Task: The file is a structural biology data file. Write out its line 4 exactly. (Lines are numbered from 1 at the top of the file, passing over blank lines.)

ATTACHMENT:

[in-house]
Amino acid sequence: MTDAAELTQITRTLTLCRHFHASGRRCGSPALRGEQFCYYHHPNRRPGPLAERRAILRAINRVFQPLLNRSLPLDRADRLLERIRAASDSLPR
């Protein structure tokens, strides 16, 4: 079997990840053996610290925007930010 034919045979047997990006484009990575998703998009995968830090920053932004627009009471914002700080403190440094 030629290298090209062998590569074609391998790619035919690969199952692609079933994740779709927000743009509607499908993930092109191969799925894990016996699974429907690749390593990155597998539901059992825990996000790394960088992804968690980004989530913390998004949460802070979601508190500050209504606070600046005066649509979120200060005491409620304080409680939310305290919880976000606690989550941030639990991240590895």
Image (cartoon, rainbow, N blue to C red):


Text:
Image (cartoon, rainbow, N blue to C red):